When I was at my mom’s house over the holidays, there was a 7-generation genealogy chart taped to the wall, and I got such a kick out of studying it. She’s so smart about how she had it designed — she made sure all the still-living people had the biggest photos, so that the grandkids could see themselves easily and picture how they fit in to this big group.
I was especially interested in those earliest generations, the oldest people on the chart. The chart lists their names, birth dates and cities, and death dates and cities. On my mom’s side, half of those original eight couples came from families who had been here since the country was founded. The city names are familiar to me — lots of East Coast and New England spots that I’ve lived near — places like Pound Ridge in Westchester, NY; Providence, RI; Orange, VT; Fairfield, CT. The other half were Mormon immigrants, coming from England, Ireland, and Wales. After getting to America, they would eventually cross the country with wagon trains, or take Ship Brooklyn from New York to San Francisco.
I knew most of that info already. A lot of family history has been researched and recorded on my mom’s side (Mormons love genealogy!), and I’d heard many of their names and stories.
My dad’s side is more mysterious to me. The places listed for the earliest generation? Two couples are from the South — Kentucky, Arkansas, Tennessee, and Alabama. And six couples are from Germany — mostly Jewish communities in Bavaria.
I had heard about the German Jews in my ancestry, but the Southern connection was totally news to me, and as I studied the chart I had a realization: The two main biases I grew up with were against the South and against Germany.
That’s right, I grew up learning to be biased against a full half of my ancestry.
I’m sure I was at least vaguely aware of these biases as a kid, but didn’t really examine them until I went to college. During my college years I had the chance to visit my sister Rachel and her husband Paul. They are a military family and have lived all over the place, including several years in the South and several years in Germany. I visited them in both of those places, and I remember being aware before each trip, that I didn’t think fairly about either place.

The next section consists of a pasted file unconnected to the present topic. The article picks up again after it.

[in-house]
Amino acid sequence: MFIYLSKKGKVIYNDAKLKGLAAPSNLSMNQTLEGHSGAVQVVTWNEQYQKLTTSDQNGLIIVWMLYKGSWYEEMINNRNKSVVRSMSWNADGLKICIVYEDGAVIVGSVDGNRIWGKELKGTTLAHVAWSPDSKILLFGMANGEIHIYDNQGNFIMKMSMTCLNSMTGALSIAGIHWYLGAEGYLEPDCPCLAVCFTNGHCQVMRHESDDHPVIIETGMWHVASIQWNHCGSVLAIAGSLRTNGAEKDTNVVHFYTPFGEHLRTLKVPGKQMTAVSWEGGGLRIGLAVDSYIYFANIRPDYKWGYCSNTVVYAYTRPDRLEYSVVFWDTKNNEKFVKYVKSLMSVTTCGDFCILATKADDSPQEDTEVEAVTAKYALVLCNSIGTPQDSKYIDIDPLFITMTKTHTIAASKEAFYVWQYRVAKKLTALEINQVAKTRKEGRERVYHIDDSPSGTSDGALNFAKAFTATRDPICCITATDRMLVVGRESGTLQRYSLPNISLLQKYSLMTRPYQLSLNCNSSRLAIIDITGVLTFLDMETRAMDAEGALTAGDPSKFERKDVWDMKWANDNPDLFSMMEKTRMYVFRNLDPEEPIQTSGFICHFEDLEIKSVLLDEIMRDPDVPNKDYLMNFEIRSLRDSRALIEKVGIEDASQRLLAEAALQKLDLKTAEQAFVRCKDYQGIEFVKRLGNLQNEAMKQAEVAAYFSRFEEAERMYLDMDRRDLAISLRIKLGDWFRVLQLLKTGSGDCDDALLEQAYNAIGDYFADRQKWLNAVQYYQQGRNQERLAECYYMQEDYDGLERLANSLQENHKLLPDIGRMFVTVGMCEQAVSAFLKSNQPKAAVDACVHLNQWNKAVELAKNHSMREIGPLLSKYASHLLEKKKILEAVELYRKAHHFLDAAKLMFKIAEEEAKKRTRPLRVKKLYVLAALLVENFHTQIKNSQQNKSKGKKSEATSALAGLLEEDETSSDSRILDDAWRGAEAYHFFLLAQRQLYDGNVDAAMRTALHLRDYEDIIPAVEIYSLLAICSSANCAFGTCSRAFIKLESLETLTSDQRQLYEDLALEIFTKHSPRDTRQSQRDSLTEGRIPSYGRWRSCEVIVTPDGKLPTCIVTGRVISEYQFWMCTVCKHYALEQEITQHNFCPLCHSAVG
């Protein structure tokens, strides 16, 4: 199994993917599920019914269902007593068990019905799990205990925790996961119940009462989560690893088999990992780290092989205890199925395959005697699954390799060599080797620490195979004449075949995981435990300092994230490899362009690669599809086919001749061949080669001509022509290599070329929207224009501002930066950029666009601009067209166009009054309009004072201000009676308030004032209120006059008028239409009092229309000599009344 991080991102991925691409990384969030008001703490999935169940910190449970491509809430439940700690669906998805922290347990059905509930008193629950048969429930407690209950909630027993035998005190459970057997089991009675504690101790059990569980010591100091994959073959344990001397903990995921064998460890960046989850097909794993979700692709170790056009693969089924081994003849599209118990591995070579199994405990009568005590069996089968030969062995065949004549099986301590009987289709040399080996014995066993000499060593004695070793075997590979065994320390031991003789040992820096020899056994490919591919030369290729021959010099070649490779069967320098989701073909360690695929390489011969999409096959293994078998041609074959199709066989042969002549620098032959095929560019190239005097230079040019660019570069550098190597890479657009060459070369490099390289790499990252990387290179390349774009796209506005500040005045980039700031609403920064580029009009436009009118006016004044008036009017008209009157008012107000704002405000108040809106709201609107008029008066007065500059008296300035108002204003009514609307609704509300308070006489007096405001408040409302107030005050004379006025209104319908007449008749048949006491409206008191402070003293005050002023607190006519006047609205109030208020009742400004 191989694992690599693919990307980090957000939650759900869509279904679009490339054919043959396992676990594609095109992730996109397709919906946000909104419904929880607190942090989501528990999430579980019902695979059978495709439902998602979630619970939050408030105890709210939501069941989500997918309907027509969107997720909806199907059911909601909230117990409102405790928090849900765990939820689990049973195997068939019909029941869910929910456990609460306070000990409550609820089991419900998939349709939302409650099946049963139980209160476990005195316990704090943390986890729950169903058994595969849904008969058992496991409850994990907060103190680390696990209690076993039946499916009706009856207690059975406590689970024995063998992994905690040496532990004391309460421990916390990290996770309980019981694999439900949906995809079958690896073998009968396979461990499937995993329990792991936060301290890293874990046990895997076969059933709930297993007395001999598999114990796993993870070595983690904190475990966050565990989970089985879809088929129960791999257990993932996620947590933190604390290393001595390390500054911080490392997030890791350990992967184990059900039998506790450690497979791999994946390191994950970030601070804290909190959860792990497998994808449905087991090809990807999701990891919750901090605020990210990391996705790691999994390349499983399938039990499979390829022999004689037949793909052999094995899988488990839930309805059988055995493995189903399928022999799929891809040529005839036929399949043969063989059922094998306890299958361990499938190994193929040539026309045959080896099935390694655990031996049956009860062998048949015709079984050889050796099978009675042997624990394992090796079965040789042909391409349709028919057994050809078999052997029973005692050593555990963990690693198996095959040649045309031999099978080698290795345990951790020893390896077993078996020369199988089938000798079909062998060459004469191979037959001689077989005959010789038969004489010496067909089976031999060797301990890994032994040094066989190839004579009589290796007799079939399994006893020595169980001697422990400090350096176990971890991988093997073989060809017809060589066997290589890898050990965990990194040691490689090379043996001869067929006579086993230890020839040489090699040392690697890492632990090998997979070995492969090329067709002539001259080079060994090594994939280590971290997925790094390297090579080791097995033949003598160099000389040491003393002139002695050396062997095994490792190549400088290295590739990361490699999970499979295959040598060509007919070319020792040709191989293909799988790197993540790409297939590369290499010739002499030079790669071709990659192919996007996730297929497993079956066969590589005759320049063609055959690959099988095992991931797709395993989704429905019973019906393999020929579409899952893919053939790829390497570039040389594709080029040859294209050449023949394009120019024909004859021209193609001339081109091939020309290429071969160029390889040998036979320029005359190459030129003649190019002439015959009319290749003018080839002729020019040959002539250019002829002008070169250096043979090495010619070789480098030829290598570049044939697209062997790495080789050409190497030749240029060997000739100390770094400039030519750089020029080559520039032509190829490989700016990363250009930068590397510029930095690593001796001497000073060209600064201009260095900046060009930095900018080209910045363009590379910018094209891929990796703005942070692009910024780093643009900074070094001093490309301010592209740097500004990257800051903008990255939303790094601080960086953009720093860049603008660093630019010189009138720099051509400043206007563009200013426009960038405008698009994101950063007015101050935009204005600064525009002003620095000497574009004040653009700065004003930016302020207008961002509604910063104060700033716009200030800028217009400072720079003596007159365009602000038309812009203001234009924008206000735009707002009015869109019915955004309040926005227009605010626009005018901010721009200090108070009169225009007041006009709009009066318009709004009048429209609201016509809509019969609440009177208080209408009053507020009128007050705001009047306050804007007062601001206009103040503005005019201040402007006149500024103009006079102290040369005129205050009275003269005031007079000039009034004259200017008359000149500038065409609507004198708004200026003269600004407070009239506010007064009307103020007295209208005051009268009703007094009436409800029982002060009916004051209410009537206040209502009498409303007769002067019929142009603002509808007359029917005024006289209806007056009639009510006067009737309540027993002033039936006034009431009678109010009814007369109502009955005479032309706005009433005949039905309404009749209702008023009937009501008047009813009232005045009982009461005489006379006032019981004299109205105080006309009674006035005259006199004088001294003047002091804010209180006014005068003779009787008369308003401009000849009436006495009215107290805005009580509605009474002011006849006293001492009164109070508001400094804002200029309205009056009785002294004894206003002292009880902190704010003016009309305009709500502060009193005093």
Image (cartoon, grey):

I remember trying to figure out where I’d picked up these biases. In both cases, I concluded it was American culture — it was history classes and movies and books where the “bad guys” were always Germans and the “backwards folks” were always Southern. It seems American culture in the 1980s had not let either place move past their worst point in history.
Lucky for me, it was not difficult to spot those particular biases and recognize that my opinions of Germany and of the South were incorrect. I remember feeling embarrassed and apologetic, and then also realizing I didn’t actually know anyone from Germany or the South (at that time), and wasn’t sure where I should direct my apologetic energy. I also remember wanting to learn more about both places, in an attempt to replace the inaccurate information in my head. And of course, this was long before I knew about my German and Southern ancestry (I mean, I just learned about the Southern ancestry last month!).
Because those biases weren’t based on anything personal or concrete, I didn’t find them difficult to discard. I wonder now if this was especially easy for me to do because my brain was still young and forming?
Until I studied the genealogy chart, I hadn’t thought about those biases in a long, long time. They feel like something that was part of another life. I wonder how I would feel if I had learned about my Southern + German roots and hadn’t dealt with those biases already. Would I be in denial? Would I feel shame?
The chart came to mind again on Monday as we were talking about the racism that people grow up with and don’t always recognize. I’ve also been thinking about how racism and bias are taught to new generations as I watch the response from the Covington Catholic School community and families, which from my point of view has been wholly inappropriate.
It made me curious — do you feel like you recognize your biases? Or at least some of them? Have you ever taken the Harvard implicit bias test?
If you have older kids, do you think they could identify your biases? If you have been able to acknowledge a particular bias, were you also able to overcome it? Or change your thinking? I’d love to hear your stories.